There's a media drumbeat growing for Barack Obama to treat the Israeli leadership like addicts: stop waiting for them to help themselves, recognize that they are powerless to do it on their own and start telling them what they must do if they want to save their nation. It's a faint drumbeat now, but you can hear it if you try and you can count on it to grow.
Robert Wright, a blogger on New York Times.com, urges Obama to support a UN move to "create a Palestinian state now ... define the borders, set the timetable." Wright knows that a UN plan will be, in effect, a US plan, since the Security Council can act only with US approval. So, he recommends a column by Daniel Levy, who sees the breakdown of direct negotiations as an opportunity for a more constructive approach: "Wiser heads in Israel, in America and in the pro-Israel community inside America [are] advocating an assertive US push for peace ... a US plan ... deploying US leverage."
In Israel, prominent peace educator Gershon Baskin wants the administration to bring Israeli and Palestinian negotiators to the US "for intensive negotiations for as long as it takes, with the US mediator setting the agenda, assigning tasks and drafting the agreement." Israeli analyst Avi Isacharoff sees it coming: "If Netanyahu does not show willingness for a historic compromise, then he is expected to receive Obama's framework for a solution, which the sides will have to accept or refuse."
An Israeli "senior government official" sees it coming too: When Secretary of State Hillary Clinton says that the US will "offer our own ideas and bridging proposals when appropriate," he's convinced that "the bridging plan is in fact a peace plan."
But few progressives seem to expect a US plan. Most agree with Josh Ruebner of the US Campaign to End the Israeli Occupation, who argues that since Obama was "unable to get Israel to bite on a temporary freeze on settlements," he is now "further than ever from his goal of Israeli-Palestinian peace during his first term and bereft of a coherent strategy to achieve it."
Both sides in this debate are right. Obama could and should present his own plan; his administration is edging slowly and cautiously in that direction - but so slowly and cautiously that it looks like no movement at all. Why should Obama resist using his power - and he does have power over Israel - to get the peace deal that he says is his number one foreign policy goal?
The obvious answer is his fear of the much-dreaded "Israel lobby" - which should actually be called the "Israel can do no wrong lobby," to distinguish it from the rising pro-Israel, pro-peace lobby. J Street, the most prominent pro-Israel, pro-peace group, is now calling for pressure on the administration to focus on mapping the borders of the new Palestinian state. And "if the sides are not able to reach agreement on borders within a specified time period," says J Street, the US should present a proposal of its own. There's that faint drumbeat again.
But still so faint, still leaving the question, Why does the "Israel can do no wrong lobby" strenuously resist the very idea of a US peace plan? The answer they give is that the parties should be left to work out their own peace, with no foreign interference. Translation: Let Israel go on dominating Palestinians forever, because "the Palestinians" (or, some still say, "the Arabs") pose such a grave "existential" threat of destroying the Jewish state.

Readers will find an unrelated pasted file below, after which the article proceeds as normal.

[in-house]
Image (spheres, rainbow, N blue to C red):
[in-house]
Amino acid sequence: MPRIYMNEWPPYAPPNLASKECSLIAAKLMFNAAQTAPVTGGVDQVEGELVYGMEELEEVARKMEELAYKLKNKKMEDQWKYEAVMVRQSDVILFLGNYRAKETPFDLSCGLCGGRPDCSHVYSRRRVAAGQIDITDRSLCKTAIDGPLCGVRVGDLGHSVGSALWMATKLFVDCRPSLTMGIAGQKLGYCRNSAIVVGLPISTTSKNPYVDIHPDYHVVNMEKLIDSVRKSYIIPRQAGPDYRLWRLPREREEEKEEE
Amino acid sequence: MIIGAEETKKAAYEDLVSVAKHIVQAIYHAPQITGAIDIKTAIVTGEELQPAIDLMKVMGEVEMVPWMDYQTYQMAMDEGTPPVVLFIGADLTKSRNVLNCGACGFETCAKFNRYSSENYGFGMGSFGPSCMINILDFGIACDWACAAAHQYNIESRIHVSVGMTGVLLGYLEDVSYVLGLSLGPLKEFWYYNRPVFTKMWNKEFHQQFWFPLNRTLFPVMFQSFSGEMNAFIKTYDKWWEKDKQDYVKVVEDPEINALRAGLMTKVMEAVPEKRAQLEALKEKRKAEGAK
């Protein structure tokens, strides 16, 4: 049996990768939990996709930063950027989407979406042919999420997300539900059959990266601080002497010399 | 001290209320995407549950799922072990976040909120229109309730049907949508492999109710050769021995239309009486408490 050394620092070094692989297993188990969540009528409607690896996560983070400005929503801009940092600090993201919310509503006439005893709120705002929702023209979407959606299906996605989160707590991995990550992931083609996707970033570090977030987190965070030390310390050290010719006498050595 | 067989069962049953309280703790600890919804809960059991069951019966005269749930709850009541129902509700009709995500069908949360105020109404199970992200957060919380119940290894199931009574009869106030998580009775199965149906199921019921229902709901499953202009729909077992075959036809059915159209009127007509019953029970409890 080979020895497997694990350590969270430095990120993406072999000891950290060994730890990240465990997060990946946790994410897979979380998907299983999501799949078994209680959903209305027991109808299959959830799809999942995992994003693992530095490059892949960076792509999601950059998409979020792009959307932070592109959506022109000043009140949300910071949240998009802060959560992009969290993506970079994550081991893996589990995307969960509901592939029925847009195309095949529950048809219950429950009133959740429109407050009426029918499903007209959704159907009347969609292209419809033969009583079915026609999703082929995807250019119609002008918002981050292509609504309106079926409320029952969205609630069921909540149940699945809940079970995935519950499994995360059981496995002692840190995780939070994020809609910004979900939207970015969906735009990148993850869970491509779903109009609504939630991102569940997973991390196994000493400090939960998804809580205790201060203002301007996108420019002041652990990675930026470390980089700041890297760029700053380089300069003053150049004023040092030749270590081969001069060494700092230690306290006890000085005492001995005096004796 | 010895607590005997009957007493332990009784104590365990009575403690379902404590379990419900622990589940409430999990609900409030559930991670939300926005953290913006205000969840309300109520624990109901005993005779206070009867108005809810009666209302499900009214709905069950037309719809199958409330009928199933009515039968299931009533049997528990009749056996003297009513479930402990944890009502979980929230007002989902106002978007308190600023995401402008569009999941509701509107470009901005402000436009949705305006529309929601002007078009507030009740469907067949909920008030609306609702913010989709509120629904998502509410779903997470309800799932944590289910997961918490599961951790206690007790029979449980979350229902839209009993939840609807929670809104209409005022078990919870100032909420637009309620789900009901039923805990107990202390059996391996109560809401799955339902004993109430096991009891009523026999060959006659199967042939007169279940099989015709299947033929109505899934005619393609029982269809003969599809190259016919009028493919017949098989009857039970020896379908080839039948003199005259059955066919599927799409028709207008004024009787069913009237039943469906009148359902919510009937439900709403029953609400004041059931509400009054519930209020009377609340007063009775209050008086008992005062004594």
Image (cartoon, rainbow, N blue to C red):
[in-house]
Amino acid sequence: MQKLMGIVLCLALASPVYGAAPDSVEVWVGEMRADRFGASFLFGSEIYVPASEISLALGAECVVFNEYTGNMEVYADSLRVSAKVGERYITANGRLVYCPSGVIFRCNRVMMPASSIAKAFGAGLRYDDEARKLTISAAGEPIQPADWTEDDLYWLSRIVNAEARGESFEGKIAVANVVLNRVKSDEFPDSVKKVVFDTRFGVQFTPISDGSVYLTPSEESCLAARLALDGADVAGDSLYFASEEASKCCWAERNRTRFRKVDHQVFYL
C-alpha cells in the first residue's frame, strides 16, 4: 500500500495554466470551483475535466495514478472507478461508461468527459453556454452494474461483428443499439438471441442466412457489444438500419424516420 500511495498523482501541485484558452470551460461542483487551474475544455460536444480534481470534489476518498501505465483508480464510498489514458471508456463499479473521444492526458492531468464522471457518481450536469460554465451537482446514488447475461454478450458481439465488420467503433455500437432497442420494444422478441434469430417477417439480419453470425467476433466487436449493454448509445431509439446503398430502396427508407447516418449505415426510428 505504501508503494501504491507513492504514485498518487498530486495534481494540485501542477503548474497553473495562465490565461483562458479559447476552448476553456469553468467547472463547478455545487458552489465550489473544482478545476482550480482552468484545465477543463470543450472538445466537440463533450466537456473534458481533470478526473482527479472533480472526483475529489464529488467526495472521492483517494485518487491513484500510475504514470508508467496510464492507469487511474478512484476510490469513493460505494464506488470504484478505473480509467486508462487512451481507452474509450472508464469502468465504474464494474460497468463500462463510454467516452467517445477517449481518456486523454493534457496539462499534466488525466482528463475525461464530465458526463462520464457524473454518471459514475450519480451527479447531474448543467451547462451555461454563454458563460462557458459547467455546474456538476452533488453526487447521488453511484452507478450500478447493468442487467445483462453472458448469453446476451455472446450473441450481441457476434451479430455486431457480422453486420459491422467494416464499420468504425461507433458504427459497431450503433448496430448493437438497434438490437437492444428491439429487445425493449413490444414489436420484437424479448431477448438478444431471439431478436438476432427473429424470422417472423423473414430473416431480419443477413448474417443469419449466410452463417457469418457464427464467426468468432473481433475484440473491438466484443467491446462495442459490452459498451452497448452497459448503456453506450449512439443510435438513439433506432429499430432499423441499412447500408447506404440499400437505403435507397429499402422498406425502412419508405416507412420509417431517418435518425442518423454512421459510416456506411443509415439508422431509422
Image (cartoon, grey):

Israel, with infinitely greater military power than any of its neighbors, afraid it will be destroyed by the powerless Palestinians? That's about as reasonable as an NFL linebacker worrying that the little girl next door will beat him up. Too many Jews "have moved into the realm of paranoia," as Israeli historian Daniel Gavron writes in Newsweek.
What a sign of change in the US mass media that Newsweek would publish Gavron's column. It's as startling as The New York Times publishing, a year ago, an op-ed by Henry Siegman, former head of the American Jewish Congress, labeling fear of another Holocaust as "pathological."
Zionist theologian Emil Fackenheim once praised what he called the Israelis' "Holocaust psychosis," their penchant for seeing all opposition to Israel as Nazi-like anti-Semitism. He called on Jews everywhere to adopt that view because, he claimed, they would then fulfill God's command to support Israeli military violence in order to prevent another Holocaust.
If these writers have it right, then many US Jews, especially politically powerful Jews, are afflicted by a psychiatric malady and that's why Obama is not offering his own plan and map for peace.
Yet, while many Jews do stress fear of another Holocaust, many (sometimes the very same people) insist that they have other, more powerful motives for supporting Israel's right-wing policies.
Indeed they do - though not, I suspect, the motives that they claim. When we are dealing with fear, the layers go deeper and deeper and it's often the outsider who can see them most clearly. (Why else would we pay psychotherapists all that money?)